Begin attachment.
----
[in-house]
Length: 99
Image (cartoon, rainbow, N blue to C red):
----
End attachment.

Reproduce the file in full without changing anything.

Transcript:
[in-house]
Length: 99
Image (cartoon, rainbow, N blue to C red):